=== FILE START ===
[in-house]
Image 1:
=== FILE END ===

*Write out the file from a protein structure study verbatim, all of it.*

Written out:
[in-house]
Image 1: